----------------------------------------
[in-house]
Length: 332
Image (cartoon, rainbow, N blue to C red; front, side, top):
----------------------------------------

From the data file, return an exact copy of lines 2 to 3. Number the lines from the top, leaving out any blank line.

Length: 332
Image (cartoon, rainbow, N blue to C red; front, side, top):